Data on the activity displayed were collected during the week of February 24 through March 1 (prior to the start of the pandemic in our country) and during the week of March 16 through March 22 (during the pandemic). We should mention that during the first week there was a local festivity in Andalusia (February 28) and in Canary Islands (February 25) and during the second week there was another local festivity (March 19) in the autonomous communities of Castile-La Mancha, Region of Murcia, Chartered Community of Navarre, Valencian Community, Basque Country, and Galicia.

Results

Data from 73 centers were received (90% of the total). The nationwide overall data showed a significant reduction in the number of diagnostic procedures (–56%), therapeutic coronary interventional procedures (–48%), structural therapeutic procedures (–81%), and procedures performed in the STEMI setting (–40%). Overall data and data by autonomous communities are shown on table 1, table 2, table 3, table 4 y en la figure 2. The overall data for Spain is shown on figure 3.

Table 1. Variation in the number of diagnostic procedures performed by autonomous community

Autonomous Community Weekly diagnostic procedures performed prior to the COVID-19 pandemic Weekly diagnostic procedures performed during the COVID-19 pandemic Variation, %
Andalusia 460 254 -45
Aragon 68 31 -54
Principality of Asturias 87 34 -61
Balearic Islands 54 36 -33
Canary Islands 36 37 -23
Cantabria 42 9 -79
Castille-La Mancha 103 43 -54
Castille and León 141 63 -55
Catalonia 410 136 -67
Community of Madrid 327 102 -67
Chartered Community of Navarre 39 15 -62
Region of Murcia 70 48 -31
Valencian Community 342 134 -61
Basque Country 138 52 -62
Extremadura 77 36 -53
Galicia 161 81 -50
La Rioja 22 9 -59
Total 2.577 1.124 -56

* During the week prior to the COVID-19 pandemic there was a local festivity in the middle of the week in Andalusia (February 28) and Canary Islands (February 25) and during the COVID-19 pandemic week there was a local festivity in the autonomous communities of Galicia, Region of Murcia, Chartered Community of Navarre, Basque Country, and Valencian Community (March 19).

Table 2. Variation in the number of therapeutic coronary interventional procedures by autonomous community*

Autonomous Community Weekly therapeutic coronary interventional procedures before the COVID-19 pandemic Weekly therapeutic coronary interventional procedures during the COVID-19 pandemic Variation, %
Andalusia 240 152 -37
Aragon 35 23 -34
Principality of Asturias 36 16 -56
Balearic Islands 27 17 -37
Canary Islands 16 25 56
Cantabria 16 4 -75
Castille-La Mancha 64 18 -72
Castille and León 71 40 -44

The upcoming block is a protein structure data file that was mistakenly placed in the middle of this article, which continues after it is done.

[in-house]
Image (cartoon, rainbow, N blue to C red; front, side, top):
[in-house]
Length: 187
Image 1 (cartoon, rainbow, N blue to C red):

Catalonia 209 94 -55
Community of Madrid 143 49 -66
Chartered Community of Navarre 14 6 -57
Region of Murcia 46 21 -54
Valencian Community 165 78 -53
Basque Country 60 38 -37
Extremadura 46 20 -57
Galicia 64 52 -19
La Rioja 10 5 -50
Total 1.262 658 -48

* During the week prior to the COVID-19 pandemic there was a local festivity in the middle of the week in Andalusia (February 28) and Canary Islands (February 25) and during the COVID-19 pandemic week there was a local festivity in the autonomous communities of Galicia, Region of Murcia, Chartered Community of Navarre, Basque Country, and Valencian Community (March 19).

Table 3. Variation in the number of procedures in the STEMI setting by autonomous community*

Autonomous community Weekly procedures in the STEMI setting before the COVID-19 pandemic Weekly procedures in the STEMI setting during the COVID-19 pandemic Variation, %
Andalusia 88 39 -56
Aragon 12 7 -42
Principality of Asturias 16 7 -56
Balearic Islands 8 5 -38
Canary Islands 2 8 300
Cantabria 6 3 -50
Castille-La Mancha 15 5 -67
Castille and León 23 12 -48
Catalonia 74 55 -26
Community of Madrid 55 29 -47
Chartered Community of Navarre 8 4 -50
Region of Murcia 8 4 -50
Valencian Community 61 32 -48
Basque Country 13 14 8
Extremadura 13 2 -85
Galicia 28 25 -11
La Rioja 4 4 -
Total 433 260 -40

STEMI: ST-segment elevation myocardial infarction.
* During the week prior to the COVID-19 pandemic there was a local festivity in the middle of the week in Andalusia (February 28) and Canary Islands (February 25) and during the COVID-19 pandemic week there was a local festivity in the autonomous communities of Galicia, Region of Murcia, Chartered Community of Navarre, Basque Country, and Valencian Community (March 19).

Table 4. Variation in the number of structural interventional procedures by autonomous community*